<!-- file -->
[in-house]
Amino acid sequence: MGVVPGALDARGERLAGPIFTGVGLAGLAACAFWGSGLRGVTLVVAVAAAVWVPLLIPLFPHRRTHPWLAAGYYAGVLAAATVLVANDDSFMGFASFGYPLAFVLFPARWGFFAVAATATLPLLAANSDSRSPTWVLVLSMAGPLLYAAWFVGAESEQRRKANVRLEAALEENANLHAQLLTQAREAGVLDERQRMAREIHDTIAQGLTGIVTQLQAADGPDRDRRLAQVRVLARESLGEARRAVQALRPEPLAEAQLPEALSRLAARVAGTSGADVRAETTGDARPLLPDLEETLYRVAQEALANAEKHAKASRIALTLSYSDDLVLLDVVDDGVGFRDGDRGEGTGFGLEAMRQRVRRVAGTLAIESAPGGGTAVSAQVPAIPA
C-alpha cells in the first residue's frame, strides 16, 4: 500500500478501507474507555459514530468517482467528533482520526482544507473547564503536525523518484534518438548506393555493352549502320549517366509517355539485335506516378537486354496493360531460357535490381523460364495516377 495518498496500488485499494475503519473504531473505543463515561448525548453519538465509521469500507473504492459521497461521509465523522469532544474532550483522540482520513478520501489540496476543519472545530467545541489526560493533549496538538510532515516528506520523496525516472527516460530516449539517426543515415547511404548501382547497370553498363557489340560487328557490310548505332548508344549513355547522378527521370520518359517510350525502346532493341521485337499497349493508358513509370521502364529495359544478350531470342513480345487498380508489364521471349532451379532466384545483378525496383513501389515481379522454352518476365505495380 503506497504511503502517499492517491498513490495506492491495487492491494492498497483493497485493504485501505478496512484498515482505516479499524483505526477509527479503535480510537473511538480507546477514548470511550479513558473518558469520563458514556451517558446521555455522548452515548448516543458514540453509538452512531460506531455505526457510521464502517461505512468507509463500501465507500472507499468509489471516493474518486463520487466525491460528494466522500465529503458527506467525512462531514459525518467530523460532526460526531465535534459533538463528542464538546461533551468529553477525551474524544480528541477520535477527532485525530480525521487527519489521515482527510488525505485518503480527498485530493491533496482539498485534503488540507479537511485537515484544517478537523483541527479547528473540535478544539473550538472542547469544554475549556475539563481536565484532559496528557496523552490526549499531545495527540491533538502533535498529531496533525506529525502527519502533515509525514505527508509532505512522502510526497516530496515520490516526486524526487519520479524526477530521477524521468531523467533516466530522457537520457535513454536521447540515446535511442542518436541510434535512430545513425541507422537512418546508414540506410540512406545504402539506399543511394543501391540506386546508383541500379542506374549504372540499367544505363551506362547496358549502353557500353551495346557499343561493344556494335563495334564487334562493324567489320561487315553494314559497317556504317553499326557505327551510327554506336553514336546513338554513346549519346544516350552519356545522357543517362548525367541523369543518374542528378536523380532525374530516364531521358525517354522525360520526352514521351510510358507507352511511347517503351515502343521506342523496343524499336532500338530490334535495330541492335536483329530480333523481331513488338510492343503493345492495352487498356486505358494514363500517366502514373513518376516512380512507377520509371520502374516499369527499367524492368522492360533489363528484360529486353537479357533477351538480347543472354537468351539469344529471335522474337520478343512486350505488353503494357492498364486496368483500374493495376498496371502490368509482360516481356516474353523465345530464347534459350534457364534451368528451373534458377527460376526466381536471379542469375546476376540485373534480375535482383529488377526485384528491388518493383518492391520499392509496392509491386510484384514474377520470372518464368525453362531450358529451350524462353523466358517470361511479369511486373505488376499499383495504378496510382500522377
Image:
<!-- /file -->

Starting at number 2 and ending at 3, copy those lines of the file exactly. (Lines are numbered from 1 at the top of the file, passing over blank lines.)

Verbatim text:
Amino acid sequence: MGVVPGALDARGERLAGPIFTGVGLAGLAACAFWGSGLRGVTLVVAVAAAVWVPLLIPLFPHRRTHPWLAAGYYAGVLAAATVLVANDDSFMGFASFGYPLAFVLFPARWGFFAVAATATLPLLAANSDSRSPTWVLVLSMAGPLLYAAWFVGAESEQRRKANVRLEAALEENANLHAQLLTQAREAGVLDERQRMAREIHDTIAQGLTGIVTQLQAADGPDRDRRLAQVRVLARESLGEARRAVQALRPEPLAEAQLPEALSRLAARVAGTSGADVRAETTGDARPLLPDLEETLYRVAQEALANAEKHAKASRIALTLSYSDDLVLLDVVDDGVGFRDGDRGEGTGFGLEAMRQRVRRVAGTLAIESAPGGGTAVSAQVPAIPA
C-alpha cells in the first residue's frame, strides 16, 4: 500500500478501507474507555459514530468517482467528533482520526482544507473547564503536525523518484534518438548506393555493352549502320549517366509517355539485335506516378537486354496493360531460357535490381523460364495516377 495518498496500488485499494475503519473504531473505543463515561448525548453519538465509521469500507473504492459521497461521509465523522469532544474532550483522540482520513478520501489540496476543519472545530467545541489526560493533549496538538510532515516528506520523496525516472527516460530516449539517426543515415547511404548501382547497370553498363557489340560487328557490310548505332548508344549513355547522378527521370520518359517510350525502346532493341521485337499497349493508358513509370521502364529495359544478350531470342513480345487498380508489364521471349532451379532466384545483378525496383513501389515481379522454352518476365505495380 503506497504511503502517499492517491498513490495506492491495487492491494492498497483493497485493504485501505478496512484498515482505516479499524483505526477509527479503535480510537473511538480507546477514548470511550479513558473518558469520563458514556451517558446521555455522548452515548448516543458514540453509538452512531460506531455505526457510521464502517461505512468507509463500501465507500472507499468509489471516493474518486463520487466525491460528494466522500465529503458527506467525512462531514459525518467530523460532526460526531465535534459533538463528542464538546461533551468529553477525551474524544480528541477520535477527532485525530480525521487527519489521515482527510488525505485518503480527498485530493491533496482539498485534503488540507479537511485537515484544517478537523483541527479547528473540535478544539473550538472542547469544554475549556475539563481536565484532559496528557496523552490526549499531545495527540491533538502533535498529531496533525506529525502527519502533515509525514505527508509532505512522502510526497516530496515520490516526486524526487519520479524526477530521477524521468531523467533516466530522457537520457535513454536521447540515446535511442542518436541510434535512430545513425541507422537512418546508414540506410540512406545504402539506399543511394543501391540506386546508383541500379542506374549504372540499367544505363551506362547496358549502353557500353551495346557499343561493344556494335563495334564487334562493324567489320561487315553494314559497317556504317553499326557505327551510327554506336553514336546513338554513346549519346544516350552519356545522357543517362548525367541523369543518374542528378536523380532525374530516364531521358525517354522525360520526352514521351510510358507507352511511347517503351515502343521506342523496343524499336532500338530490334535495330541492335536483329530480333523481331513488338510492343503493345492495352487498356486505358494514363500517366502514373513518376516512380512507377520509371520502374516499369527499367524492368522492360533489363528484360529486353537479357533477351538480347543472354537468351539469344529471335522474337520478343512486350505488353503494357492498364486496368483500374493495376498496371502490368509482360516481356516474353523465345530464347534459350534457364534451368528451373534458377527460376526466381536471379542469375546476376540485373534480375535482383529488377526485384528491388518493383518492391520499392509496392509491386510484384514474377520470372518464368525453362531450358529451350524462353523466358517470361511479369511486373505488376499499383495504378496510382500522377